NAB to Follow The Flow: Tap-And-Go


Banking made easy- The National Australia Bank (NAB) has released an application where Visa Debit account holders can ‘tap-and-go’ on payments. However, the application only works to those who have near-field communication (NFC) and the most recent update for Android. The service was first introduced as a feature on Apple Pay during the launch of the IPhone 6, Iphone 6 plus and the Apple Watch.

NAB Pay requires the customer to unlock the phone and hold it up to the card reader, this will complete the transaction. For extra safety, the application can use a four digit pin code when a transaction is put through. If the purchase is of more than $100, the user must put in the password, just like any other ‘tap-and-go’ technologies.

Visa Token Service is a security technology that replaces all personal information of the user with a 16-digital account number and security code. This processes payments without the exposure of any account details. Thought was put through with this application and Token Service as CEO Charlie Scharf said “2015 was a big year for the company as they wanted to offer secure payments across a wide variety of platforms and devices”.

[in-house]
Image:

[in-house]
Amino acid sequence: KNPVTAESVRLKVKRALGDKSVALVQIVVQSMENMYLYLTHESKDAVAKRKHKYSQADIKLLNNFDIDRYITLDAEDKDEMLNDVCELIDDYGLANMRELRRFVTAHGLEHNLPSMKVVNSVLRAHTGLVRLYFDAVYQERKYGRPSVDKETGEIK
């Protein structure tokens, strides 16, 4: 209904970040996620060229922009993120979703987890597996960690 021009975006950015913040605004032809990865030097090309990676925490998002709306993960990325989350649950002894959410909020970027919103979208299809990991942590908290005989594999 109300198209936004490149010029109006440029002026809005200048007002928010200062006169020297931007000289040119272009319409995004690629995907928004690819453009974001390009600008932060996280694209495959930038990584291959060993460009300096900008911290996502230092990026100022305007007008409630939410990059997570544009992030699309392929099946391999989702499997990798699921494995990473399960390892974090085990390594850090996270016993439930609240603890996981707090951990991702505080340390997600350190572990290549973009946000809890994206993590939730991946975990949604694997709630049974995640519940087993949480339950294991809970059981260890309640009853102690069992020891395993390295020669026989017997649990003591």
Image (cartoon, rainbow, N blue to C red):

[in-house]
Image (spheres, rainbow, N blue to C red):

Most of the banks, including Commonwealth and Westpac, already offer similar services but NAB is the first for Visa’s new Token service as the mobile security platform.

How to slow down:

Close your eyes for a minute and re-open them. How many technological devices do you think just got released?

With this new tap-and-go system we are speeding through our lives without even noticing. Now we can order a coffee and whilst you try to find your wallet to pay in cash, five customers are already becoming bothered with how ‘slow’ you are going.

What we need to think about is how technology is rapidly developing and humans are now considered slower than computers. Is this the world we want to be living in where computer chips and programs are overrunning the abilities of an average human being? What does this mean with our careers, will we need to settle to a computer doing everything for us?

Perhaps what civilization needs is a NOT-SO-FAST button. Proponents of technological determinism make a strong case for letting self-accelerating technologies follow their own life cycle
– Stewart Brand (TIME Magazine) 


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